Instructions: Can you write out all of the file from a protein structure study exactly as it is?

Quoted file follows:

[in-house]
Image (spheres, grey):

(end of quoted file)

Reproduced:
[in-house]
Image (spheres, grey):